An applicant can establish status as a refugee by showing he either (1) "has a well-founded fear of future persecution," Krastev, 292 F.3d at 1270 (internal brackets omitted), (2) "has suffered past persecution, which gives rise to a [rebuttable] presumption [of] . . . a well-founded fear of future persecution," id., or (3) has suffered "past persecution so severe as to demonstrate compelling reasons for being unwilling or unable to return" to his country of nationality, id. at 1271 (internal quotation marks omitted). An alien basing his asylum claim upon a well-founded fear of future persecution must show both a genuine, subjective fear of persecution, and "an objective basis by credible, direct, and specific evidence in the record, of facts that would support a reasonable fear [of] . . . persecution." Yuk v. Ashcroft, 355 F.3d 1222, 1233 (10th Cir. 2004) (internal quotation marks omitted).
2. Restriction on Removal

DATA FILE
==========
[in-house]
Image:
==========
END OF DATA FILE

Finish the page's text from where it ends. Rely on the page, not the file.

Applications for restriction on removal are governed by INA § 241(b)(3)(A), 8 U.S.C. § 1231(b)(3)(A), which requires an applicant to show that his "life or freedom would be threatened in [his home] country because of [his] race, religion, nationality, membership in a particular social group, or political opinion." The Attorney General may not remove an alien if the alien is able to establish "a clear probability of persecution" in the country to which he would be returned. Tsevegmid, 336 F.3d at 1234. The standard of proof for restriction on removal is "more demanding than the well-founded fear standard applicable to an asylum claim." Id. (internal quotation marks omitted). Thus, when an applicant fails to establish the objective component of a well-founded fear of persecution, he necessarily fails to establish entitlement to restriction on removal. See Batalova v. Ashcroft, 355 F.3d 1246, 1255 (10th Cir. 2004); Yuk, 355 F.3d at 1236 (IJ correctly denied restriction on removal when "petitioners failed to meet the lower standard of showing entitlement to asylum").